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TGarlic is Life
 A Memoir with Recipes
by Chester
Aaron

TThe International Society for Horticultural Science  have published the Proceedings of the 2nd InternationalSymposium on Edible Alliaceae. c

TGrowing Great Garlic
  The definitive guide by Ron Engelandc

 

White Rot Threatens Oregon Seedstock Growers with Ruin

Garlic is planted on only about 2,100 acres in Oregon but garlic seed is one of Central Oregon's most profitable crops. The specialty crop, which supplies seed for the California garlic industry, netted almost $4 million in 2003.
For more than 20 years, seed companies in the San Juaquin Valley have relied on Oregon farmers. But the same seed companies that have pumped millions into the local economy also, unknowingly decades ago, started introducing disease into their own fields.
Already blanketing more than 10,000 acres in and around Fresno, California, and responsible for the collapse of the garlic seed industry in the Tulelake Valley, white rot has only lightly affected Central Oregon in past years. Full story from The Bend Bulletin

 
Elephant Garlic: The Daily Mail reports that J Sainsbury, a leading UK food retailer is to stock Elephant garlic. Elephant or greatheaded garlic (Allium ampeloprasum) is more closely related to the leek than garlic. This form of garlic produces very large bulbs that may weigh a pound or more. These huge bulbs consist of a few large cloves which are much milder than those of ordinary garlic and can be eaten raw.
For those gardeners who would like to try to grow it rather than eat it there is a fact sheet available from the University of Georgia College of Agricultural and Environmental Sciences. And just to show how seriously some folk take their Elephant garlic have a look at The Worlds 7th Annual Elephant Garlic Festival Website - unfortunately it's just finished so you'll have to wait another year before you can go and sample the delights!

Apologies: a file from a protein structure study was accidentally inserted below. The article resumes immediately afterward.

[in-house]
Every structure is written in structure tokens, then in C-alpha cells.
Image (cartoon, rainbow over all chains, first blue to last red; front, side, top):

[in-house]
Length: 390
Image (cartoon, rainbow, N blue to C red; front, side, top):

Expert growers are Bob and Jean Gnos who farm Elephant garlic near Portland in Oregon. They run Gnos Garlic Company and their site is well worth a visit.

Garlic Curing and Storing

A recent article in a local US newspaper, The Great Falls Tribune, offered some good advice for garlic growers on how to cure and store their new crop.

“Be careful. Try not to break or disturb the skin. Loosen the nearby soil with a spade and pull the plant. Gently shake soil out of the roots, but leave any soil that remains on the heads. It will dry and easily come off after the skins are dry and the curing is complete.
Leave the stalks and leaves on. During curing, the last nutrients are pulled into the bulbs and that's good. The stalks and leaves can be trimmed after they are fully dried. The Montana Extension Service recommends curing garlic for at least one month.
An old screen door on sawhorses works perfectly for curing. We want airflow. I use a piece of narrow mesh fencing. Stack the garlic in layers. Use the stalks and leaves to shade the heads.
Covered with a light-colored sheet they go under a big pine in the back yard, largely out of the direct sun. The white sheet reflects more light and keeps things cooler. Keep a tarpaulin handy for rainstorms. Your garage might work fine if it's ventilated and doesn't get too hot.
Once the curing is done, snip the stalks and leaves a half-inch above the heads.
Here's where vegetable gardening and cattle ranching are alike. Carefully select and set aside the best heads for replanting in October. With care, the genetic line of stock, will keep improving. Each year, ours get a bit larger.
Store your harvest in breathable mesh sack or paper grocery bags in a cool dry place. Last year, we had our own garlic to eat all the way into May.”
Full story here

To see garlic being cured on a larger scale have a look at photographs from our last visit to Spain or visit the Hungarian site of Gyakorlati-Agroforum.

               
Natural methods of drying garlic (courtesy of Gyakorlati-Agroforum)

Growing Garlic in Montana (pdf)

Here's a couple of photographs taken in Spain showing the local method of curing. Garlic is bunched and the leaves used to protect the bulbs from the direct sun. In the UK a shaded greenhouse works well.

  

For more information on garlic growing in Spain click here

 

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